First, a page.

Examining participant engagement in an information technology-based physical activity and nutrition intervention for men : the Manup randomized controlled trial
journal contributionposted on 2017-12-06, 00:00 authored by Camille ShortCamille Short, Marcus DixonMarcus Dixon, G Kolt, A Maeder, H Ding, Corneel VandelanotteCorneel Vandelanotte, R Rosenkranz, Cristina CaperchioneCristina Caperchione, Cindy HookerCindy Hooker, M Karunanithi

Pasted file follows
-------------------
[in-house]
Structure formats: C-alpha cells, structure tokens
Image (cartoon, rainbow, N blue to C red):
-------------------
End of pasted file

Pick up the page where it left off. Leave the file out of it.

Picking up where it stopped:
Background: Males experience a shorter life expectancy and higher rates of chronic diseases compared to their female counterparts. To improve health outcomes among males, interventions specifically developed for males that target their health behaviors are needed. Information technology (IT)-based interventions may be a promising intervention approach in this population group, however, little is known about how to maximize engagement and retention in Web-based programs. Objective: The current study sought to explore attributes hypothesized to influence user engagement among a subsample of participants from the ManUp study, a randomized controlled trial testing the efficacy of an interactive Web-based intervention for promoting physical activity and nutrition among middle-aged males. Methods: Semistructured interviews were conducted and audiotaped with 20 of the ManUp participants. Interview questions were based on a conceptual model of engagement and centered on why participants took part in the study, what they liked and did not like about the intervention they received, and how they think the intervention could be improved. Interview recordings were transcribed and coded into themes. Results: There were five themes that were identified in the study. These themes were: (1) users’ motives, (2) users’ desired outcomes, (3) users’ positive experiences, (4) users’ negative emotions, and (5) attributes desired by user. Conclusions: There is little research in the field that has explored user experiences in human-computer interactions and how such experiences may relate to engagement, especially among males. Although not conclusive, the current study provides some insight into what personal attributes of middle-aged males (such as their key motives and goals for participating) and attributes of the intervention materials (such as usability, control, and interactivity) may impact on user engagement in this group. These findings will be helpful for informing the design and implementation of future health behavior interventions for males.